Tuesday, January 12, 2021

Rising Stars Youth Foundation: Remembering Friends

Paul Savramis
Rising Stars Youth Foundation is sad to announce the passing of high school prospecting scout Tom Konchalski and also of Nick Gimpel, uncle of RSYF Executive Director Dan Gimpel. Here, the organization reflects on the lives of two longtime friends. 
 
Q: Who is Tom Konchalski? 
 
RSYF: Tom was a prolific figure in the world of high school basketball. For more than four decades, he was one of the most notable high school basketball scouts in the US. He also ran the Basketball Insider Report since shortly after beginning his career. Tom also served as the owner and lead of the Five-Star Basketball Camp, which was attended by Stephen Curry, Patrick Ewing, Michael Jordan, and other basketball greats in high school. 
 
Q: What stands out about Mr. Konchalski’s career? 
 
RSYF: One of the things that stands out the most was that the Basketball Insider Report was actually written on a typewriter and then copied and mailed out 16 times every year. There were more than 200 college coaches that relied on Tom’s knowledge and intuition of high school basketball players. Tom was affectionately called “The Glider” for his ability to move in and out of games unnoticed, despite his high-profile position. 
 
Q: How will RSYF remember Nick Gimpel? 
 
RSYF: Nick, who is Executive Director Dan Gimpel’s uncle, influenced Dan to go to college and play basketball. Coincidentally, he and Tom were also the closest of friends and attended Archbishop Molly together. They shared an innate fondness for NYC basketball. Dan has many of his own fond memories having the two be his biggest fans throughout his professional career. Nick and Dan were often spotted at Rising Stars functions together. 
 
Q: How did Nick Gimpel influence Dan? 
 
RSYF: Dan has often said that his uncle Nick actually didn’t play basketball in high school. He did, however, encourage Dan to grab a ball and enroll at Georgia. Dan often says that his uncle Nick was instrumental in helping him define his core beliefs and, as such, molding the core of the Rising Stars Youth Foundation. 
 
The entire RSYF family is deeply saddened by the loss of both Tom Konchalski and Nick Gimpel. These two men were and remain important to the organization as a whole and their legacy lives on.

Monday, November 16, 2020

Paul Savramis Congratulates Scholar Athletes

Paul Savramis
Carlos Urena, Ninth grade, of Corona, attends Monsignor McClancy Memorial High School.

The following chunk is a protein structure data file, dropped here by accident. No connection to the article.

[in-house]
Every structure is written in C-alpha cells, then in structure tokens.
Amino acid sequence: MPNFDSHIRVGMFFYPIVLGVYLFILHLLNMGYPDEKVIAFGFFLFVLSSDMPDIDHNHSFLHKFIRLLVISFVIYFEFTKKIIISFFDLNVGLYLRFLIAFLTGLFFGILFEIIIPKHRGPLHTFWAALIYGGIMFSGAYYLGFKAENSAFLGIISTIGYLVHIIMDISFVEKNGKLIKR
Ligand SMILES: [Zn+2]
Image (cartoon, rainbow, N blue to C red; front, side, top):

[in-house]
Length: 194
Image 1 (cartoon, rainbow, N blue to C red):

Rising Stars Youth Foundation founder Paul Savramis recently announced that his organization had awarded six scholarships to student athletes. These six academically and athletically talented students were given scholarships to attend high school at prestigious academies throughout New York City. 
 
According to Paul Savramis, Darren Marchong, Carlos Urena, Dennis Inga, Tyler Michel, Jonathan Medley, and Hayden Cutile will attend Monsignor McClancy Memorial High School, St. Francis Preparatory High School, and Archbishop Molloy High School. 

Tuesday, October 6, 2020

Paul Savramis On RSYF Learning Pods, “We Need To Stimulate Our Kids.”

Paul Savramis
Rising Stars Youth Foundation has always been innovative in the way it supplements its student-athletes’ lives. According to founder Paul Savramis, when the pandemic hit, the staff sprung into action. Starting in mid-September, RSYF launched six pandemic learning pods. With 75 students, these remote educational portals have a lot to offer. 
 
Paul Savramis says that there are six pandemic learning pods spread throughout the area. He explains that these are just one way that Rising Stars has been able to bridge families and community schools to athletics so that all three can work together for the betterment of the student-athletes. 
 
The pods, which cater to students from grades four through nine, are just one way that Paul Savramis says his organization continues to care for its families. The pods have now become a welcome and expected part of the lives of many RS families, and they are helping to continue reinforcing the positive lessons learned both on and off the court.